Comparison of the effects of dietary glucose versus galactose on porcine feto-placental glucose metabolism

W. Olivieri, C. K. Wolverton, P. J. Ruwe, M. E. White, T. G. Ramsay

Research output: Contribution to journalArticlepeer-review

1 Scopus citations

Abstract

The present study was conducted to determine whether dietary galactose can be used to improve glycogen and lipid accretion in fetal pigs. Pregnant gilts were fed diets containing either 24% glucose (control) or 24% galactose from d 98 to 110 of gestation. Gilts underwent abdominohysterotomy on d 110 of gestation. Slices of fetal subcutaneous adipose tissue and placenta were examined for metabolic capacity for glucose and for galactose utilization. No effects of maternal diet were evident upon glycogen content or enzyme activity of fetal semitendinosus muscle and liver. Maternal dietary galactose had no direct effects upon placental glucose oxidation or use for lipid synthesis. However, galactose supplementation of the incubation medium caused reductions in glucose oxidation (15%) and total lipid synthesis (24%) by the maternal placenta. Maternal dietary galactose caused an increase in total lipid (50%) and fatty acid synthesis (200%) from glucose in fetal subcutaneous adipose tissue; direct supplementation of galactose to the incubation medium had no effect on these parameters. The results of the present study suggest that feeding galactose to the pregnant gilt does not have direct effects upon placental metabolism or fetal glycogen storage. However, these data indicate that use of galactose in the maternal diet can result in an increase in the utilization of glucose for lipogenesis by fetal adipose tissue in swine. This effect is not a direct effect of galactose because transport across the placenta was not apparent.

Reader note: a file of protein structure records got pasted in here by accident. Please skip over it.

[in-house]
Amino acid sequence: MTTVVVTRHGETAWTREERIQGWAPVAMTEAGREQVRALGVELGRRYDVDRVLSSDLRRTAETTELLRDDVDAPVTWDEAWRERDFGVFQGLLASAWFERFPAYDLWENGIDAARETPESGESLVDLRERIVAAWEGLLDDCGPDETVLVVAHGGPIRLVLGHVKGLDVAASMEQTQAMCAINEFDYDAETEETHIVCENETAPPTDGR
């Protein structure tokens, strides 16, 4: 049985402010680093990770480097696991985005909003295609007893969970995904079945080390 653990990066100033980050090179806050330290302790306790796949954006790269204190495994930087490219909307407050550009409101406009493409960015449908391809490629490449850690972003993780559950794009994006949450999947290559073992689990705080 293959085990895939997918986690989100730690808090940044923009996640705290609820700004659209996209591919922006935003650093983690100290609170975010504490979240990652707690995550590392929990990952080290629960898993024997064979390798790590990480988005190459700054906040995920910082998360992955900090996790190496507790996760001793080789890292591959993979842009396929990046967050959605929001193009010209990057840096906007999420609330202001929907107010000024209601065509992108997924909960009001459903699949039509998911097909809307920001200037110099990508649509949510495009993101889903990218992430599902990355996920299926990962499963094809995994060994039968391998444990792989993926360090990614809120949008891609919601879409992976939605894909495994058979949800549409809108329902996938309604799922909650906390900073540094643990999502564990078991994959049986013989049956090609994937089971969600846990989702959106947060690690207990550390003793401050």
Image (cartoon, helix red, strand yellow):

Original languageEnglish (US)
Pages (from-to)1241-1247
Number of pages7
JournalJournal of Nutrition
Volume120
Issue number10
DOIs
StatePublished - Jan 1 1990

Keywords

  • fetal metabolism
  • galactose utilization
  • glycogen metabolism
  • pigs
  • placental metabolism

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